As the rest of society eases from pandemic restrictions, many Cambodian journalists are facing a tightening press landscape.
Such were the findings of the latest quarterly report of the Cambodian Journalists Alliance Association (CamboJA), which found at least nine recorded instances of free expression violations by the judiciary and local officials in just the past few months. These findings are detailed in its monitoring report released Tuesday and covering the period from July-September, when CamboJA observed incidents affecting a total of 21 journalists.
“I think this is a picture of the intimidation of journalists, which is not new and still happening,” said Nop Vy, executive director of CamboJA, in the report. “We should better train and educate [journalists] on ethics and professionalism, rather than continuing to threaten them.”
The report has also noted that digital press freedom has been curtailed amid the pandemic, as evidenced by the sharp increase in the number of ‘fake news’ accusations, revoked media licenses, threats and arrests that took place this year related to COVID-19.
Aside from those stemming from pandemic conditions, many other violations against journalists took place in the context of land disputes.
These include the conviction late last month of felony incitement for online news publisher Yuon Chhiv, who was sentenced to one year in prison for broadcasting what officials say is disinformation related to a land issue in Botum Sakor National Park.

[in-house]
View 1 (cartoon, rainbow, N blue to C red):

On July 22, three journalists from the online Cam-Hot News outlet who were attempting a live broadcast from a land protest in the area of Phnom Penh’s Boeng Tompun lake were taken to a police station and made to confess to committing a ‘mistake’ and sign an agreement to change their behavior.
Citizen journalist Chray Nim was detained and released on September 13 while covering another land dispute, while VOD reporter Pok Kheuy faced similar treatment on September 5 while covering the development of Phnom Penh’s new airport mega-project. On August 13, journalists An Vichet, a freelancer with CamboJA, and VOA Khmer reporter Lors Liblib were similarly stopped and harassed while reporting in the field.
Finally, in a more convoluted case, nine journalists in early September were arrested for what authorities described as the attempted extortion of someone transporting a wooden house.